According to articles in Pensions & Investments and Barrons, the American Federation of Teachers has a solution for investment firms run by people who, in their personal lives, don’t toe the union’s political line on public employee pensions: We may try to get your firm fired or never hired by pensions. Though a few financial journals covered this story as it came out in April, its real implications were overlooked.
Public pensions are typically defined benefit funds, controversial because they promise fixed benefits for life to retirees — a promise that turned out to be far more expensive for taxpayers than understood.
Pension funds are run by managers with a fiduciary duty to pensioners to maximize their fund’s return. They invest pension money in the best performing funds they can find — increasingly, hedge funds. That’s how it’s supposed to work.
Some of the individuals running those hedge funds think, as many of us do, that defined benefit pensions are inherently flawed and ought to be modified or replaced with something else. Other individuals support school choice. So, some have personally supported advocacy groups like Students First, the Show-Me Institute and the Manhattan Project that oppose defined benefit pension plans and support school reform.
The AFT’s response last month, reportedly, was to publish a list of 33 hedge fund managers tied to organizations advocating things they didn’t like , such as elimination of defined-benefit pensions, and it is allegedly telling the pensions to fire those funds or never hire them in the first place. The AFT represents 1.5 million members enrolled in $800 billion worth of pension funds, according to a Barron’s piece on the list. You can see the AFT’s list here along with the reasons for inclusion.
The First Amendment issue is obvious. As government instrumentalities, state and municipal pensions should not punish firms based on what advocacy groups some of the firm’s people support. But that’s exactly what the AFT has government pensions do. Coverage of this story so far has been in financial journals, and they focus on how the AFT’s actions compromise the duty of the pension managers to pick the best managers. That’s bad, too, but the bigger story is the First Amendment issue. If the reports are correct, the AFT is brazenly clouting government to punish speech the AFT does not like.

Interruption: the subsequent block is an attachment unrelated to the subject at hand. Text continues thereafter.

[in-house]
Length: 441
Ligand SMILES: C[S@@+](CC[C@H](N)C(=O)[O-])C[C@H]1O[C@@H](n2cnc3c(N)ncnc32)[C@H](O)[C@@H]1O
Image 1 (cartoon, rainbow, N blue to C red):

And it’s reportedly working quite well for the AFT. Illinois, as you might guess, is among the places where the state appears to have obliged the AFT. The state, allegedly, asked fund-of-fund managers whose portfolios include one or more of the blacklisted managers “what they plan to do about it,” according to Pensions & Investments, a publication of Crains Communications. That publication also put it this way: “The list serves as an implied threat that the managers who speak out about the problems with defined benefit plans should not receive business.” Some firms have caved to the pressure to stay off the list, according to Pensions & Investments. In short, the AFT reportedly succeeded.
The AFT says it’s perfectly appropriate for pension trustees to banish defined benefit opponents because, as fiduciaries for the pension, they would be protecting the very life of the pension.
It doesn’t take much for a fund to make the AFT enemies list, based on a recent Barron’s article. “What landed KKR on the list was a donation made to the Manhattan Institute by co-founder Henry Kravis’s foundation, which hardly indicates a KKR agenda. Of the more than $14.3 million the foundation distributed in its 2011 fiscal year, according to that article, it gave $25,000 to the Manhattan Institute.”Reportedly, KKR later wrote letters detailing its support for defined benefit plans, which got it off the list. They will no doubt not repeat the mistake of getting involved in pension reform.
It’s not as if those hedge fund managers are corrupted by self-interest. On the contrary, pensions are a major source of the money they manage. Shifting from defined benefit plans to 401(k)-type plans, a commonly discussed alternative, would dry up a large source of their capital.
If you find it difficult to find the opinions you really want on pension reform, this shameful chapter may be one reason why. The people in a great position and with real expertise to give us the hard, inside perspective — fund managers — apparently have been bullied into silence by the AFT. Plenty of Americans on the left and the right are rightfully sickened by the IRS scandal. State suppression of opinions a teachers’ union doesn’t like should be no different.